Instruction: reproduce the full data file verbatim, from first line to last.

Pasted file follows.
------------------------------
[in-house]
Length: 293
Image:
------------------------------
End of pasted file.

[in-house]
Length: 293
Image: